"We MUST mount a resistance, fighting cuts and oppressive policies, is not enough in relation to this ideological onslaught - it is a State run 'hate campaign' and more and more disabled people will die.

"I'm not going over the top or being alarmist, this is a measured political analysis of our current situation. Me simply putting out a "call to arms" will achieve nothing in itself; what is required is for disabled people, especially activists, to come together to shape our destiny - unless there is a genuine effort made to build a resistance movement, many of us will not have a future."

Bob Williams-Findley is well known within the disabled people's movement both as an academic and an activist. Please leave your responses to Bob's article within the comments section of this blog. Thankyou.

Posted by Dave Lupton, 16 May 2012

Last modified by Colin Hambrook, 10 November 2012

Crippen comments on Liz Carr's brilliant, gutsy speech at the People's Convention

I was recently privileged to see Liz Carr make a brilliant, gutsy speech at the People's Convention on 12th February 2011. She spoke from the heart on behalf of every disabled person facing the uncaring attitude of this government. I'd like to share it with you...

"Thank you … I can only dream of being on the platform. One day … One day we’ll make it" (this was due to the fact that Liz was relegated as a disabled speaker to the area in front of the stage - the stage, as usual being inaccessible!).

"Disabled people make up 20% of the population. That’s a conservative estimate. We are hidden impairments, we are visible, we are old, we are gay, we are lesbian, we are black, we are white, we are all sorts of people, that’s who we are.

But what we are not is… We are not victims. We are not scroungers or frauds. We are not vulnerable or work shy. We are not charity cases or burdens or ‘unsustainables’ or useless eaters. We are fighters, survivors, leaders, comrades, brothers & sisters in arms, campaigners, citizens and equals.

This, like for many of us, is not a new struggle. Our history is littered with disabled people being scapegoated, demonaised, discriminated against and oppressed.  It is also a history of disabled people fighting back against this.

From the League of the Blind who unionised in the 19th Century to fight for their rights, to the war veterans who marched on Whitehall for the jobs and respect they were due, to disabled people fighting to escape residential care in the ‘60’s and ‘70’s forming the Union of Physically Impaired Against Segregation, to those of us in the ‘80’s and ‘90’s who chained ourselves to buses to secure equality in public transport and in law … We have been here before.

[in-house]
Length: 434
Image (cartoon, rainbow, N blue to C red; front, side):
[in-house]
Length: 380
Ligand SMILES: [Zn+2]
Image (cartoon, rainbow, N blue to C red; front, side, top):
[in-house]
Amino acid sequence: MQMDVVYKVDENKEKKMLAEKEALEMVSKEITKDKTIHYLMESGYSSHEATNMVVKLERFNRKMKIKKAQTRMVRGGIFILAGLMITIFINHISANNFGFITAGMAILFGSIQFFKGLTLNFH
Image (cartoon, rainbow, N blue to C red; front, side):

However, we are faced with a horrific onslaught of attacks from all directions. The cuts that we’re all talking about today, we encounter those cuts too – whether it’s the increase in VAT, privatization of our basic services, of the NHS, of cuts effecting the public sector – we experience them too as disabled people but on top of that we’re having our benefits whipped from us, we’re being assessed by ATOS. People in care homes are having the mobility component of their DLA (Disability Living Allowance) removed. We’re being charged for the basic right to have a wee, our Independent Living Fund money that allows us to be independent within the community is being removed in 4 years time, Incapacity Benefit is being scrapped and replaced by the unforgiving ESA (Employment Support Allowance), on top of that there is hate crime, limits to housing benefit, Access to Work, to transport and if we want to challenge it, to Legal Aid too. That’s fucked as well.

Disabled people are living in fear. We are living in poverty. We are going to be living in the Dark Ages where they decide between the deserving and the undeserving poor. But, we will not let this happen. Because through our history, what we have learnt is that the media, the policy makers and the Government will try to separate us into our different groups. They will try to weaken us. They will try and make us compete against each other for whatever crumbs are on offer, fighting amongst ourselves, individualizing this struggle, dividing us so that they may conquer and change the balance  of society in favour of financial capital rather than social capital and equality. That’s what happening. We cannot afford to let this happen.

We are fighting for our lives, for our freedom, for our existence. That’s how important it is to disabled people and for everybody here today.  It is about our basic liberty, our basic right to life. We will not be hidden away.  We will not be hidden away behind close doors, out of sight out of mind, in our homes or institutions.

We will not settle for charity rather than rights. We will not be forgotten. We will not be silenced. We must mobilise and in doing so not forget those who cannot take to the streets in protest but who can through virtual protesting.

We must politicise. We must educate ourselves and others in what’s happening in our own and wider campaigns. We have to radicalise. This is about revolution not reformation anymore. We must unite. As disabled people, as disabled people and allies, as everyone - we must unite. Together we are stronger. Thank you."